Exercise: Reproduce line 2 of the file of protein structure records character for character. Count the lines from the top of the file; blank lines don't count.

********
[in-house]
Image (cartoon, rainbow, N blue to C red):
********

Image (cartoon, rainbow, N blue to C red):